What separates the exalted from the others in the Celestial Kingdom, is eternal increase.  That’s not a punishment, it’s just a difference in status—like the difference in a ward between the parents and the nonparents.  The nonparents’ childlessness is not a form of punishment; it’s just (usually) the natural result of their not having done the things it would take to become parents.

There are, of course, statements by GAs with regard to the opportunities in the hereafter for people who sought a celestial marriage in this life and through no fault of their own, couldn’t have one.  But for those those who opted out of marriage and child-rearing and then sashay into the eternities expecting to be honored as a king and a priest:  where, exactly, do they think their thrones and kingdoms and principalities and powers and dominions are going to come from?

Brigham Young has the answer:

We understand that we are to be made Kings and Priests unto God; now if I be made the king and lawgiver to my family, and if I have many sons, I shall become the father of many fathers, for they will have sons, and their sons will have sons, and so on, from generation to generation, and, in this way, I may become the father of many fathers, or the king of many kings. This will constitute every man a prince, king, lord, or whatever the Father sees fit to confer upon us.

In this way we can become King of kings, and Lord of lords, or Father of fathers, or Prince of princes, and this is the only course, for another man is not going to raise up a kingdom for you.

If I did not feel disposed, in my poverty, to enlarge my family and to build up the kingdom, I could not be acquainted with the difficulties thereof, neither should I be counted worthy to enjoy the blessings conferred upon those who are faithful.
 

Being “celestialized but not exalted” is not really a matter of being affirmatively punished for some sort of wickedness; it’s simply a result of having chosen not to make the covenants and do the things it would have taken to establish the sort of dominions that characterize an exalted being’s glory.  Christ can atone for our sins and change our hearts and save us from destruction, but He can’t (or, perhaps, won’t) create posterity for us to rule ex nihilo.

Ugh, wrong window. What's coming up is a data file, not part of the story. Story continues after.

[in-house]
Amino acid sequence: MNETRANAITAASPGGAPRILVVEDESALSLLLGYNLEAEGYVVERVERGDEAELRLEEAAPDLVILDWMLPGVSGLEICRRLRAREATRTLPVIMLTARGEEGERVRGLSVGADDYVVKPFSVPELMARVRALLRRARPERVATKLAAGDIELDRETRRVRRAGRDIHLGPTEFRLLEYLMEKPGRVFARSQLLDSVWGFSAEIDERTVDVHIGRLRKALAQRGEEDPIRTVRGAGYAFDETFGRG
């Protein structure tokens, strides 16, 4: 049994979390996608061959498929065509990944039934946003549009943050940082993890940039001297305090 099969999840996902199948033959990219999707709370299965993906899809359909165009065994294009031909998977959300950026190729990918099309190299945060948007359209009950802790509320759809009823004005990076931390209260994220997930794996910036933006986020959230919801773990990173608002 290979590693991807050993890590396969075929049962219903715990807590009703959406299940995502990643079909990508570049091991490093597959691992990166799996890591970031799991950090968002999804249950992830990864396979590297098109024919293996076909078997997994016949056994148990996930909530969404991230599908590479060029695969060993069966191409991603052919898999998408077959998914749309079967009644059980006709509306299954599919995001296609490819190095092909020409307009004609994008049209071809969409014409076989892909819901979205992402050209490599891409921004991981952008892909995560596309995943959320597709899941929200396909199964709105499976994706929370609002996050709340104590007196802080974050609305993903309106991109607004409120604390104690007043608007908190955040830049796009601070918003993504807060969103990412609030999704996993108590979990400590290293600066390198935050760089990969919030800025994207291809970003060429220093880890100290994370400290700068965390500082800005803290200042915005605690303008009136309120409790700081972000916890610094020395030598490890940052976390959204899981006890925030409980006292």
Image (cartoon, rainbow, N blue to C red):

Edited by Just_A_Guy

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44 minutes ago, Just_A_Guy said:

We understand that we are to be made Kings and Priests unto God; now if I be made the king and lawgiver to my family, and if I have many sons, I shall become the father of many fathers, for they will have sons, and their sons will have sons, and so on, from generation to generation, and, in this way, I may become the father of many fathers, or the king of many kings. This will constitute every man a prince, king, lord, or whatever the Father sees fit to confer upon us.

In this way we can become King of kings, and Lord of lords, or Father of fathers, or Prince of princes, and this is the only course, for another man is not going to raise up a kingdom for you.

My comment here will be a bit of a diversion from the main discussion but this is just what occured to me as I read the above. If it is a good thing to become a King and a Priest unto God and a king of kings and lord of Lords, and I believe that it is, and if this benefit is achieved primarily through one's posterity, then it seems as if those who have had greater opportunities to have more posterity, specifically, those who engaged in plural marriage, will have some advantages over those who have not engaged in plural marriage. I've often thought that one's situation in the celestial kingdom and opportunities for advancement there will have more to do with one's overall righteousness and obedience in this life rather than the number of one's posterity. 

I'm also a little puzzled by the idea that becoming the father of many fathers who will have sons of their own from generation to generation will somehow add to my glory because no matter how many sons I have, I will continue  to be someone else's son and therefore have the same status/relationship towards my father as my sons will have towards me. 

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23 minutes ago, askandanswer said: